Hill Climbing

To put it simply, I got owned on the uphills this year at IA50. Last year, I did weekly hill repeats in training. I did this because the Ice Age Trail is basically continuous roll of ups and downs. Nothing big enough to really kill you on any single hill, but enough to wear you down over time. David Riddle, this year's winner, described it as “death by a thousand paper cuts,” which I thought was a spot-on description.

The difference between this year and last year, was that last year I callused myself enough with hill repeats that the paper cuts were less detrimental. To put it in perspective; Last year I power hiked one hill (mainly because the staircase set up made it much more efficient in my opinion). This year I had to power hike 3 or 4 different times in areas that I had no problem grinding up last year. Most of my struggles with the climbs occurred in that last 10k stretch of the course.

Downhill Running

Though the uphills were rough for me this year, the downhills were a piece of cake. If it weren’t for how strong I felt going downhill, I have no doubt Matt Flaherty would have passed me in the late stages of the race, just as Brian Condon ultimately did. I attribute this to the amount of speedwork I did in training. This winter I based my training on speed in preparation for the Mad City 100k, which is a paved course that is relatively flat when compared to IA50. I felt way more comfortable bombing down the hills this year than last year. I think the quicker snap in my legs from the speedwork allowed me to ramp up the cadence on the downhill segments, resulting in much less instability (more efficient foot strike means less time on the ground), and less eccentric damage from braking on the downhills to maintain stability. Although my downhill training was brief, I think my efficiency allowed for lesser muscle damage in these potentially quad busting segments.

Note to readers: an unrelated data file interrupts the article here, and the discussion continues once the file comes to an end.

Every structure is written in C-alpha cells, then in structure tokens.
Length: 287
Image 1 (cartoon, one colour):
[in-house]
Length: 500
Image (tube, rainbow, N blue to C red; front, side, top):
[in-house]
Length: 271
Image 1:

Next time I race IA50 or a similar course, I plan to focus my training on regular ultra-style long runs, weekly hill repeats, and road speedwork. With this I hope to maintain the strengths I had on the downhills while improving my uphill running and end-of-race endurance.

A huge congratulations to David Riddle for taking the win and third fastest time ever at the Historic Ice Age 50 Mile. An inspiring performance by Brian Condor in his 50-mile debut was exciting to see, to say the least. Great dialog with Joshua Brimhall for good portions of the first half of the race was a rewarding experience. Getting the chance to compete with support from members of my family and my girlfriend Krista made things much more comfortable. All of this, coupled with the excellent post-race festivities that seem to be the hallmark of every ultramarathon, big or small, resulted in a great way to spend a spring weekend morning.

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Pictures courtesy of Krista Satori

Pictures courtesy of Krista Satori